“A Deceptive Lullaby”
He came to earth as a prophet; he left without even the dignity of martyr. This record is the manifestation of his self-indulgent path of destruction. His name was Ziggy Stardust and this is “Rock’n’Roll Suicide.”
David Bowie’s Rise & Fall of Ziggy Stardust & the Spiders from Mars ranks 35 on Rolling Stone’s top 500-album list. The original record held 5 tracks on the front and six on the back. “Rock’n’Roll Suicide” is the last track and Ziggy’s last testimony.
The news guy wept and told him there was only five years left to live. Ziggy was an alien who came innocently to earth with a prerogative- to deliver the divine message of peace and love. Instead of enlightening our world, he fell victim to its darkness.
The song starts with a lulling strum of an acoustic guitar. The voice that follows shares the same endearing simplicity. It personifies the melody. Both weep with the same pain, musically and emotionally in sync, flowing harmoniously together as a single entity.
“Life takes a cigarette, puts it in your mouth.” Ziggy gives his account not of what he intended to give this world, but the wisdom it imparted on him. And like any wisdom, it didn’t come painless. Bowie embodies Ziggy and reveals his scars. The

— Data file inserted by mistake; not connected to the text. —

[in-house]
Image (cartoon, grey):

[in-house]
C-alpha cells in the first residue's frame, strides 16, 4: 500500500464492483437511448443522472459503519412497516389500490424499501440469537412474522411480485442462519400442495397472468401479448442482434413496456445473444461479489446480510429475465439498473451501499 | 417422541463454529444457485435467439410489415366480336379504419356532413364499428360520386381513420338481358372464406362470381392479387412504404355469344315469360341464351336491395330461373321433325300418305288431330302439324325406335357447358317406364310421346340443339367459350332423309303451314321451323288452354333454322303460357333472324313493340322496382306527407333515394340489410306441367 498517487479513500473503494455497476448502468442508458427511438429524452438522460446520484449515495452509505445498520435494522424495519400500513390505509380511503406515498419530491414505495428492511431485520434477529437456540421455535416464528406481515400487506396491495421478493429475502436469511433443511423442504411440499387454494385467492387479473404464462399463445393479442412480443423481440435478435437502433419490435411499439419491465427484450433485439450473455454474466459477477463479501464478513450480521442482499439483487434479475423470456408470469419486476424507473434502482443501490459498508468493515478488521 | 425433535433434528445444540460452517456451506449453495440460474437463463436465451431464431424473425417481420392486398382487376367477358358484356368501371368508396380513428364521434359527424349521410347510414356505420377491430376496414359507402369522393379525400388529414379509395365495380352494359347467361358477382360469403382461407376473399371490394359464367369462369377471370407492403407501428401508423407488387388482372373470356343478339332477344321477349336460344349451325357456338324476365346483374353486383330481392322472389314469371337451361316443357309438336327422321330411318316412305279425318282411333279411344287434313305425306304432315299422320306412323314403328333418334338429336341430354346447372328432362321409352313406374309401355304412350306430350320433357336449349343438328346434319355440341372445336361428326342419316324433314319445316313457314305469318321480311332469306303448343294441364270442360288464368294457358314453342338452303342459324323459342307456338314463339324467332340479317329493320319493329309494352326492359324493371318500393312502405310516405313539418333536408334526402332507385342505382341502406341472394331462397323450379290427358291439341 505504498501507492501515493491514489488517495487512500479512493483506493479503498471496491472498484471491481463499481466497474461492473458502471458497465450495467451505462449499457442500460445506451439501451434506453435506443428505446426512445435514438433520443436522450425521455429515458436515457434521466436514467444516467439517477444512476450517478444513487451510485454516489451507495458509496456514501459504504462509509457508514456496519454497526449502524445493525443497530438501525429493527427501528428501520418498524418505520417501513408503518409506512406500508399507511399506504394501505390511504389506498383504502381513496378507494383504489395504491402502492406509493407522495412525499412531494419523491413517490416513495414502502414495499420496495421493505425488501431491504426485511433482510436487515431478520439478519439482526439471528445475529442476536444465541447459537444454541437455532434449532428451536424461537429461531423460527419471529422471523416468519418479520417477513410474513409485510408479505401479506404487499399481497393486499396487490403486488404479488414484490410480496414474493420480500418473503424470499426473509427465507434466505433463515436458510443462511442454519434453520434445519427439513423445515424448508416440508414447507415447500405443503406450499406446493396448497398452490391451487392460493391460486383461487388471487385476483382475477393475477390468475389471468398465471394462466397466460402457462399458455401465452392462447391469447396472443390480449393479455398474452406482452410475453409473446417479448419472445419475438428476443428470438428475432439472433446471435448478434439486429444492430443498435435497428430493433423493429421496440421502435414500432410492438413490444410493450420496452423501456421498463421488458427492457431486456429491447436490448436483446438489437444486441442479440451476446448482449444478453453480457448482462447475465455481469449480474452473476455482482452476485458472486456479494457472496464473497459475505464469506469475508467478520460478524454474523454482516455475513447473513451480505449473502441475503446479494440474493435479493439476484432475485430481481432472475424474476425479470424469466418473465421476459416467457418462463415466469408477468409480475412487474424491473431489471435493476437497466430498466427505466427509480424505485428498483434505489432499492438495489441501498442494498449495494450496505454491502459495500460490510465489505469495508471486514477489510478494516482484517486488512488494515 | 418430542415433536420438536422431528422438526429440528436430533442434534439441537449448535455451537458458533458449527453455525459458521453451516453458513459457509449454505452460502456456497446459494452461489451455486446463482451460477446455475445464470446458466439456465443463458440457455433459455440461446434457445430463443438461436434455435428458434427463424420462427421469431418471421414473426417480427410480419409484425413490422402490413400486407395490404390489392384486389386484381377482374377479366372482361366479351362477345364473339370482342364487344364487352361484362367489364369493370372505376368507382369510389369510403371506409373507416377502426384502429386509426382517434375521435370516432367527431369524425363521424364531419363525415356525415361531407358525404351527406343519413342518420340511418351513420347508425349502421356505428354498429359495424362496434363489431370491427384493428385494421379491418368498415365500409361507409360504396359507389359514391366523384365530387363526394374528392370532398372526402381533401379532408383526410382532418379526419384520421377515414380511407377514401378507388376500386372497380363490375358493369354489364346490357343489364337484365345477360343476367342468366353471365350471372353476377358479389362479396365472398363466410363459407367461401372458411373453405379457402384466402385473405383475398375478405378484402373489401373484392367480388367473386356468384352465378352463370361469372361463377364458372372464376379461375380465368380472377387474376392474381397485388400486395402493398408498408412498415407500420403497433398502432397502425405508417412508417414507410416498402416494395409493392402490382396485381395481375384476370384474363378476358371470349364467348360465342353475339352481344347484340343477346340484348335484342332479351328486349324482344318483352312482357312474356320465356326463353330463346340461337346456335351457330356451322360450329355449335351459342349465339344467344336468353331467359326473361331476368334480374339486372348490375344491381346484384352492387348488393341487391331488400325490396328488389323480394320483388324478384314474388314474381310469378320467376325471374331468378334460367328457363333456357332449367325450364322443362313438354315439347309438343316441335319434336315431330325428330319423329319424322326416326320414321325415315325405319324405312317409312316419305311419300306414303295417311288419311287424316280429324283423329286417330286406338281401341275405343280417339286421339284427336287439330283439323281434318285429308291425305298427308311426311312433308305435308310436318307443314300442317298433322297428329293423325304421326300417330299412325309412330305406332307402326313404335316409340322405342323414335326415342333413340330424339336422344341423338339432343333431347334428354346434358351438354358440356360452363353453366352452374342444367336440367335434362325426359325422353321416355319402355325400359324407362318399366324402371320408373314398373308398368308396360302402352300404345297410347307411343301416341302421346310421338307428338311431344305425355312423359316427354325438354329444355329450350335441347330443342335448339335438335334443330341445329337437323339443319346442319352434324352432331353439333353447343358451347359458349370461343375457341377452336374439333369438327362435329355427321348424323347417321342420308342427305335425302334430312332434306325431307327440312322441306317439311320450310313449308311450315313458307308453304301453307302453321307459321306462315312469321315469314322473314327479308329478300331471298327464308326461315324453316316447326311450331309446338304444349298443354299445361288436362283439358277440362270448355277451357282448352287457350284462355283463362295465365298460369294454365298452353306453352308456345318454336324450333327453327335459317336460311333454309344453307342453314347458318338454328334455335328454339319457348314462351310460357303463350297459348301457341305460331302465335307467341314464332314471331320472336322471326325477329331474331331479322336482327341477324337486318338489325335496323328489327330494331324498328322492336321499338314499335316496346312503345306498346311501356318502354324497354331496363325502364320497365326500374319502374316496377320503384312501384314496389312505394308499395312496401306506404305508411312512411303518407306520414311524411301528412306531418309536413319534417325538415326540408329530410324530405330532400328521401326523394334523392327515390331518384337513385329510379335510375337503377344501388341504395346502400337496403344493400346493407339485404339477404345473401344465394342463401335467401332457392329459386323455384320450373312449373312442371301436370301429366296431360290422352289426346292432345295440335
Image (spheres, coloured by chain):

pain cuts deep. As he recollects you can hear the desperation in his voice. You also hear either the beating of his heart or that of a kick drum. “Oh, no, no, no, you’re a rock and roll suicide.”
Bowie catches his breath at the first pause. Then he carries on with his bleak impression, “You get to old you use it, too young to choose it and the clock waits so patiently on your song. You walk past the café, but you don’t eat when you’ve lived too young.” Oh, no, no, no, you’re a rock and roll suicide.”
Another beat, another breath…
It no longer sounds like a lullaby. The tempo picks up as a trumpet and set of drums give the song youthful legs. Bowie’s voice ensues. It has the energy and excitement of a child, but the urgent undertone of an old man who has come to terms with his limited time.
Deeper understanding is the byproduct of a man who has suffocated in his deepest, darkest pain. Like fingerprints, every man’s demons differ, but the pain of their stranglehold kills in the same way. Whomever Ziggy is beseechingly addressing, it is evident that they share the unfortunate bondage of brokenness. Ziggy not only perceives this man’s struggle, he reaches out, bestowing his sympathy and hand.
“Oh no love! you’re not alone…”
The instrumentals emphasize the sincerity of his words. Intensity and intimacy grow simultaneously with every note.
“…No matter what or who you’ve been
No matter when or where you’ve seen.
All the knives seem to lacerate your brain
I’ve had my share, I’ll help you with the pain…”
The trumpet peaks and Bowie meets the music on the highest plateau. He cries out in agony, bearing his soul, “You’re not alone.”
“Give me your hands cause you’re wonderful. Oh, give me your hands.”
When you’ve met someone at pain’s threshold there is an unspeakable bond where words become superfluous. Ziggy bows out in a violent haste. Instrumentals punctuate his final sentence. The final motion over a violin has the finality of a period.
Writing this piece gave me both pleasure and pain. I had written it a couple years ago and I saw its potential, but it was immature. It was an incomplete puzzle that needed to be understood before it could be pieced together.